On the first of November last year put two of the tires that had been originally on it when parked and brought it to the shop. Spent about a week taking it apart and checking the condition of the parts. Saw that all the brakes and drums would need replacing. Had read it was best to get the frame and body worked first so removed everything from the frame and started sand blasting. After sand blasting everything was treated with Ospho and primed and stored inside. The battery box was replaced and the front springs which were broken. After this was together and painted checked the engine out. It had frozen where it couldn’t be repaired so decided to go with a 235. Didn’t find one, but did find a useable 261 from an old truck. Carried the head to the machine shop to be worked. Ordered parts and did the other motor work myself. The head was the only thing that I didn’t do myself. Had worked on the farm and Highway Department so experience on mechanical work. Now started on the body, had to replace windows, door handles, fuel tank and floor board. Only rusted out places were where varmints had piled dirt between front fender and cab. This was my first major body work and painting so that was a learning experience. Fenders were rather rough so had to do quite a bit of work on them. Looked at bed kits, but was in Home Depot one day and saw some wood I liked so bought. Cut to fit and grooved for bed strips. Had joined a local car club the first of this year and they were having a car show the last of September. Was close, but was able take it to it. Wanted to use original Chevy colors so checked paint chips and found the Suburban colors I liked. Left the grille painted because it was originally and chrome was so expensive. The colors are top Airedale brown and bottom Cireassian brown and interior the hammered tan. Again want to thank you for your interest for it was a very interesting project. All parts were purchased from Jim Carter except a few on e-bay.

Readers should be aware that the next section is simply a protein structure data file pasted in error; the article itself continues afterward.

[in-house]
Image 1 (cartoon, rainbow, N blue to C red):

Tommie Jones
401 CR 115
Comanche, TX 76442
254-842-5863

1946 chevrolet 1946 chevrolet 1946 chevrolet